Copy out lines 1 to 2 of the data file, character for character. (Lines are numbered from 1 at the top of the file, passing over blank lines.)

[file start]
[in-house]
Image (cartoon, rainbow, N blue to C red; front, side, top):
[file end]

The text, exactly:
[in-house]
Image (cartoon, rainbow, N blue to C red; front, side, top):